ulty development and diversity at Stanford University. Her current research focuses on social exchange theory and issues of trust in social relations and networks. She has studied power-dependence relations and physician-patient trust, including how interactions between physicians and patients with different racial, ethnic, and cultural backgrounds affect health outcomes. She is the coeditor of the Russell Sage Foundation Trust Series and has published on trust in the series (Cooperation Without Trust?, eTrust: Forming Relationships in the Online World, and Whom Do You Trust?). She is the coeditor of the Annual Review of Sociology, and in 2004, she received the American Sociological Association’s Cooley-Mead Award for Career Contributions to Social Psychology. She was a fellow at the Center for Advanced Study in the Behavioral Sciences (1998-1999) and was elected to the American Academy of Arts and Sciences in 1996 and the National Academy of Sciences in 2007. She has a Ph.D. in sociology from Stanford University.

Aydin Yücesan Durgunoğlu is professor of psychology at the University of Minnesota, Duluth. She conducts research on the literacy development of adults and children in both monolingual and multilingual contexts, including among Spanish- and Hmong-speaking adults. Her work has focused on cross-linguistic transfer and the cognitive underpinnings of spoken and written language development. She has coedited two books on literacy development in multilingual contexts. She was one of the developers of the Mother Child Education Foundation’s adult literacy program in Turkey. This program has been implemented in 18 provinces and has reached over 100,000 people in the last 15 years. She and her colleagues have been continuously evaluating and revising the program and are currently developing its web-based version. The program won a UNESCO King Sejong Literacy Prize in 2006. She serves as an associate editor of Applied Psycholinguistics. She has a Ph.D. in cognitive psychology from Purdue University.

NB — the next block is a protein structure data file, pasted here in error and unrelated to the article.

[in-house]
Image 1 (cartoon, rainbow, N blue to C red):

Arthur C. Graesser is professor of experimental and cognitive psychology, adjunct professor in computer science, and codirector of the Institute of Intelligent Systems at the University of Memphis. His primary research interests are in cognitive science, discourse processing, and the learning sciences. More specific interests include knowledge representation, question asking and answering, tutoring, text comprehension, inference generation, conversation, reading, education, memory, emotions, computational linguistics, artificial intelligence, and human-computer interaction. He served as editor of the journal Discourse Processes (1996-2005) and is the current editor of Journal of Educational Psychology (2009-2014). In addition to publishing many articles in journals, books, and conference proceedings, he has written two books and edited nine books (including Handbook of Dis-



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